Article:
Elk Charges Yellowstone Tourist When Tourist Invades Its Bubble for a Selfie


Tourists at Yellowstone National Park have been a real pain lately: trampling hot springs, stealing baby bison, generally disregarding the rules that exist for a reason. One of those reasons is to keep the animals from attacking humans, which is exactly what happened to one woman who, on Friday, ignored the park's stipulation that visiting humans maintain a 25-yard distance from wildlife and approached an elk with the apparent intention of taking a selfie with it, as ABC News reported. 

Probably displeased at the prospect of being photographed at close range, the elk swiftly charged the woman, who appeared to fall either from surprise or because she was hit by the elk (it's unclear from the video which was the case). 

According to CNN, "veteran nature guide" Jody Tibbitts saw the whole thing. It was in fact his videographer, Manny Perez, who caught the moment on video. For posterity.

As Tibbitts explained, this kind of careless tourist behavior seems to correlate with the rise of the smartphone. "Prior to having high definition cameras in our pockets, people seemed more courteous to animals," he told CNN. "It seems like people are being more brave and taking more chances and not thinking about the consequences."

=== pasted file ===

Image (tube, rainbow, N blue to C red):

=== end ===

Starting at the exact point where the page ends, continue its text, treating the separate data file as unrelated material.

That "bravery" has consequences for the animals. The aforementioned baby bison had to be put down after tourists attempted to rescue it from its natural habitat. As National Park Service spokesman Jeffrey Olson told ABC, it's this urge to get up close and personal with animals in pursuit of that like-getting selfie that's increasingly prompting people to inadvertently "endanger themselves and endanger wildlife."

"As entertaining as the video is, it is more of an educational video," Tibbitts told ABC News. "Even the most gentle- [and] meek-looking animals are going to be dangerous." The elk, Tibbitts explained, had recently given birth to a calf. Per a Facebook post from Yellowstone on Friday evening, calving season is underway. Tourists are urged to proceed with caution around the protective animals, which obviously includes observing the park's rules about keeping a safe distance.

And also using common sense when communing with nature. 

Read more: Tourists Have Been Absolutely Terrible to Yellowstone National Park Lately